Companion book

Stunning as this movie is, there are many questions to be answered:

* A bird may migrate 2000 miles, but how many halts does it make? *What kind of energy is expended by the bird during the migration? *what are the longest migrations ( Arctic Tern is THE longest, Ibelieve). * How do the birds do it, even assuming instinct? Stars?Landmarks? Weather patterns? * What are the hazards? Hunters, oilsludge and such are shown in the movie but there are many naturalhazards. * What are the ratio of birds starting vs completing themigration? * Why do birds migrate? Why many birds do not migrate? * Whymigrate such long distances?

I recommend a awe-inspiring informal companion book:Living on the Wind:Across the Hemisphere With Migratory Birds by Scott Weidensaul

One of the best animal documentaries

With minimal commentary and occasional captions, Winged Migration is oneofthe best animal documentaries I’ve ever seen. This film shows captivatingshots of different types of birds and their quest to migrate for survival.Natural surroundings such as sky-scraping cliffs, huge mountains andglaciers serve as breathtaking backgrounds.

Also included is the reality of life and death. Indeed there is beauty andwonder when you see adult birds feeding their young or a community ofbirdsworking together to protect themselves. But there is not a lot of beauty,although still wondrous, when the film captures a flock of birdspeacefullyflying and suddenly gunfire erupts and several simply drop down, killed byhunters.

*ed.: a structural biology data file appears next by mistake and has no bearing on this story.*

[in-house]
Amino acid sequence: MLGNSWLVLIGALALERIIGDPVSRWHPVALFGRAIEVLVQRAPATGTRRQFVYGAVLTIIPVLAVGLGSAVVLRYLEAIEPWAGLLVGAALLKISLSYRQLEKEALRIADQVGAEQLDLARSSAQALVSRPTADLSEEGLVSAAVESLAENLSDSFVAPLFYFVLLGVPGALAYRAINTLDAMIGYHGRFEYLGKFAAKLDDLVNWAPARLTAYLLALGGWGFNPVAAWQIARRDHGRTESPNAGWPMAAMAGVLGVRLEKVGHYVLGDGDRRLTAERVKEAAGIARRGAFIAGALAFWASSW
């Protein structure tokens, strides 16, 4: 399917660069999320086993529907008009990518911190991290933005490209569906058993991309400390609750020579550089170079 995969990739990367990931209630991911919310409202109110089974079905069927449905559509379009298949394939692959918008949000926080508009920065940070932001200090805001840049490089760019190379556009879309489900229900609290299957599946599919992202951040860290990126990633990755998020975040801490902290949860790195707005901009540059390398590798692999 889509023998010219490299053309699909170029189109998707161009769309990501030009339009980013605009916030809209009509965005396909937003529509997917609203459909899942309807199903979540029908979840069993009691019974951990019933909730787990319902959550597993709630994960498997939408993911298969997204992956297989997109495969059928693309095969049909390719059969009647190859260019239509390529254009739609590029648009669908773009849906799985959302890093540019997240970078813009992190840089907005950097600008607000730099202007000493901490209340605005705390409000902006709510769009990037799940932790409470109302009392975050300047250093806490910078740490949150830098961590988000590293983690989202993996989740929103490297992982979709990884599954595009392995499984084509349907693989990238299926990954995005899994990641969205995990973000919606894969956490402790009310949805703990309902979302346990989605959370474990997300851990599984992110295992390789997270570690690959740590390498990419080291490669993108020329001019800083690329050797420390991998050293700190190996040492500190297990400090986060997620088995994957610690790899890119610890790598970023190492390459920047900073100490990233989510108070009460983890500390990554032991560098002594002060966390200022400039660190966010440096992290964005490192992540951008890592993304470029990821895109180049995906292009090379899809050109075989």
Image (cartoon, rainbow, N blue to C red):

Complementing the cinematography is the enchanting music which seems tocapture the triumphs and failures of the migration quest. And the naturalsounds of wings flapping, birds chirping, and ocean waves are so clear youforget that you are watching a film.

Throughout the film you will wonder how the directors shot this film sincemost of the film shots are right next to the birds, whether their flyingthousands of feet above the land or just a few inches above the water.However, you soon forget to question these mysteries since the film is sospectacular you just want to relax and be fascinated.